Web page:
Antique Persian Bakhtiari Khorjin (double-sided bag)

Antique Persian Bakhtiari Khorjin (double-sided bag)

reference:  5429

Iran, late 19th century. This is a large bag in mixed technique: pile, kilim and soumak, the so-called “wrapping weft technique”. Khorjins of such a large size were used to transport loose items, in this case possibly items of clothing or bedding, on the back of pack animals, mostly, but not exclusively, during migration. The piled section, being more durable than flat weaves,  was placed at the bottom of the bag for a very practical reason – it protected the bottom and the corners of the bag from abrasion. The design on the soumak front is a repeat pattern of shrubs and diamond-like shapes, probably derived from flower heads. It is almost identical to that illustrated in Opie, James, Tribal Rugs of Southern Persia. Oregon, James Opie Oriental Rugs,1981, p. 149. According to Opie his piece is part of a mafrash. However, when you see the whole bag, as in our example, it is clear that ours is a khorjin.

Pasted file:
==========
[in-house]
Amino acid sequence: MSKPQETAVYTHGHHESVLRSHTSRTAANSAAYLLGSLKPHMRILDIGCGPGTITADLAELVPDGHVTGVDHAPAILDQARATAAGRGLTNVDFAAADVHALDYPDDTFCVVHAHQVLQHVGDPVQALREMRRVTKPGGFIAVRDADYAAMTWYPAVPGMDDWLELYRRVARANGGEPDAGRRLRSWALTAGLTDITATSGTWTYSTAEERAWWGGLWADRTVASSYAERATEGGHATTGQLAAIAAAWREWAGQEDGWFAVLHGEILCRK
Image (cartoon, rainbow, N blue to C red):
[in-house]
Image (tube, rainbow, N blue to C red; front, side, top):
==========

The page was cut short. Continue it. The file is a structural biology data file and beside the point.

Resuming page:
Very good condition with a few small repairs.

£2,500

dimensions:  
3.06m x 1.10m /10’1’’x 3’7’’ (opened)

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